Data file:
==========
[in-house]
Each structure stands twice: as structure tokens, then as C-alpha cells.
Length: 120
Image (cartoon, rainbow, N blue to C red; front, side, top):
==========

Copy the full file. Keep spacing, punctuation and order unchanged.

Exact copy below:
[in-house]
Each structure stands twice: as structure tokens, then as C-alpha cells.
Length: 120
Image (cartoon, rainbow, N blue to C red; front, side, top):